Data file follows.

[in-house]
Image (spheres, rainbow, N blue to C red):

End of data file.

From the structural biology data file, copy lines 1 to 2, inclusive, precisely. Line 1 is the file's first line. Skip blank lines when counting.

[in-house]
Image (spheres, rainbow, N blue to C red):